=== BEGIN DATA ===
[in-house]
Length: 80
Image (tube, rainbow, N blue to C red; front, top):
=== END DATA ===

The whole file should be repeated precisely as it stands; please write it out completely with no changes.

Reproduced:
[in-house]
Length: 80
Image (tube, rainbow, N blue to C red; front, top):